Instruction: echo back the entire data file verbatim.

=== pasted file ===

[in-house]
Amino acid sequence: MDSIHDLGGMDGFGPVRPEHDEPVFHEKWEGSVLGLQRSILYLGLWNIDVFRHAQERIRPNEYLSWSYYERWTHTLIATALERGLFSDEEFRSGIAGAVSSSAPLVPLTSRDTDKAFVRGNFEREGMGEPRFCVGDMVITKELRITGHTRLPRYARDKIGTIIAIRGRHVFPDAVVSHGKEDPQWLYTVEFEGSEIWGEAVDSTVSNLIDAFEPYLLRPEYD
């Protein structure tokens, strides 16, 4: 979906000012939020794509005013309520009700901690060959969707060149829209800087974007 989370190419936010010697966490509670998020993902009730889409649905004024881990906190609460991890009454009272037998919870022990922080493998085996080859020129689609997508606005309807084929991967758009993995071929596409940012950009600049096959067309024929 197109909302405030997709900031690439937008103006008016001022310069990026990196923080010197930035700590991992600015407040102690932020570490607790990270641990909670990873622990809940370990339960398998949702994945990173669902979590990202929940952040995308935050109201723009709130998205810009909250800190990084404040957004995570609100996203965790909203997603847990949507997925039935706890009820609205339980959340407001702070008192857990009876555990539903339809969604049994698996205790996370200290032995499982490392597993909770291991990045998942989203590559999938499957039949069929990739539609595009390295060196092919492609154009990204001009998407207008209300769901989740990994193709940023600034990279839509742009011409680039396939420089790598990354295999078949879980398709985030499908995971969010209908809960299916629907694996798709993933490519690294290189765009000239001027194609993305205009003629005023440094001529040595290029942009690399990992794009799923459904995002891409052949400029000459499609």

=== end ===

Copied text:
[in-house]
Amino acid sequence: MDSIHDLGGMDGFGPVRPEHDEPVFHEKWEGSVLGLQRSILYLGLWNIDVFRHAQERIRPNEYLSWSYYERWTHTLIATALERGLFSDEEFRSGIAGAVSSSAPLVPLTSRDTDKAFVRGNFEREGMGEPRFCVGDMVITKELRITGHTRLPRYARDKIGTIIAIRGRHVFPDAVVSHGKEDPQWLYTVEFEGSEIWGEAVDSTVSNLIDAFEPYLLRPEYD
């Protein structure tokens, strides 16, 4: 979906000012939020794509005013309520009700901690060959969707060149829209800087974007 989370190419936010010697966490509670998020993902009730889409649905004024881990906190609460991890009454009272037998919870022990922080493998085996080859020129689609997508606005309807084929991967758009993995071929596409940012950009600049096959067309024929 197109909302405030997709900031690439937008103006008016001022310069990026990196923080010197930035700590991992600015407040102690932020570490607790990270641990909670990873622990809940370990339960398998949702994945990173669902979590990202929940952040995308935050109201723009709130998205810009909250800190990084404040957004995570609100996203965790909203997603847990949507997925039935706890009820609205339980959340407001702070008192857990009876555990539903339809969604049994698996205790996370200290032995499982490392597993909770291991990045998942989203590559999938499957039949069929990739539609595009390295060196092919492609154009990204001009998407207008209300769901989740990994193709940023600034990279839509742009011409680039396939420089790598990354295999078949879980398709985030499908995971969010209908809960299916629907694996798709993933490519690294290189765009000239001027194609993305205009003629005023440094001529040595290029942009690399990992794009799923459904995002891409052949400029000459499609």